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Howard Bender’s 10 Bold Predictions for 2012
Posted By Howard Bender On March 1, 2012 @ 11:15 am In Projections | 44 Comments
So we’ve decided to turn this 10 Bold Predictions thing into a friendly competition amongst the RotoGraphs writers. Here are mine…
Adam Jones will go 30/30 — Putting my money where my mouth is. Sure, he swings at a ton of pitches. Sure, his SwStr% is typically in double digits. Sure, he’s considered an average runner at best. But Jones is entering his prime and ready to take yet another step forward in 2012. Keeper league owners should grab him now as he’ll never come this cheap again.
Prince Fielder will hit fewer than 30 HR — It’s not just the move to the AL, but also the fact that Comerica Park makes Miller Park look like a sandlot. He’ll also see some seriously ugly pitches and while that may help his walk rate and OBP, his power numbers are going to suffer. Wouldn’t you rather take your chance with Alex Avila or Delmon Young than Fielder?
Nick Hundley will hit a minimum of 15 HR — Last year’s mid-season elbow surgery to clean out loose bodies in the joint did wonders for Hundley’s work at the plate. He crushed the ball over the final two months of the season and hit six home runs in the process. This year he carries that momentum in from day one.
Brad Boxberger notches at least 10 saves for San Diego — Huston Street is fragile and Luke Gregerson is better suited to come in on a moment’s notice in the 7th or 8th inning. Boxberger is green and needs to limit the walks, but his arm is live and he’s got tremendous strikeout potential. The Padres may not turn to him immediately, but they will call on him at some point.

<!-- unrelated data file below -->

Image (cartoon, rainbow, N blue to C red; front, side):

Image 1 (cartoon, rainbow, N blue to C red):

Bryan LaHair hits at least 30 HR — This late-bloomer will have Cubs fans saying, “better late than never!” Though the PCL is notoriously hitter friendly, something clicked for LaHair last season and his power really took off. Look for him to start hot right out of the gate and lead the Cubbies in home runs this season.
Trevor Cahill wins 15 games and notches 175 Ks — A switch to the NL will help revitalize Cahill’s game. He’s a ground ball pitcher so the switch to Chase Field won’t hurt too much and facing a pitcher instead of a DH will certainly help increase his strikeout totals. He actually might even end up as Arizona’s top hurler, and that’s saying a lot.
Jesus Montero finishes the season as a top three catcher — Yes, 61 at bats is a very small sample size. But Montero’s bat is for real and while he may not like the dimensions at Safeco, he’ll still find a way to muscle the ball over the fences both at home and away at least 25 times. Look for a solid walk rate and strong BABIP totals to help keep his average north of .285 as well. And while he’ll likely DH more often than not, he should still get at least 40 games behind the dish thus solidifying that catcher eligibility.
Cameron Maybin will hit 15 HR and steal 50 bases — We’ve been waiting to see the 5-tool potential for some time now and last season we got our first taste of what could be. The stolen bases will continue to come for Maybin and Bud Black will keep the green light on for him. And although Petco Park will continue to stifle his power, there are still 81 road games that will afford him better opportunities. He’s only 25 years old, so that power is still developing.
Jon Rauch saves more games for the Mets than Frank Francisco — It’s more about a lack of faith in Franky Frank than it is a belief in Rauch. Francisco lost his job in Texas and he lost it, not once but twice, in Toronto last year. Though he was nearly an even split between ground balls and fly balls last year, he still sported 12.7% HR/FB ratio and the fact that they moved the fences in at Citi Field isn’t going to help. Rauch has closing experience and will be more than capable to pick up the pieces once Francisco crumbles.
Matt Cain wins the 2012 NL Cy Young Award — Cain is a workhorse and an innings-eater with remarkable consistency. While his numbers have been incredibly similar year in and year out, Cain took an interesting step forward last year when he produced an FIP of 2.91 and reduced his HR/FB to a remarkable 3.7%. This year, unless the Giants’ brass suddenly get their collective heads out of their posteriors before the season begins, he is pitching for a contract. Big bucks and a long term deal await this 27 year old hurler and an award-winning season should cinch that up.
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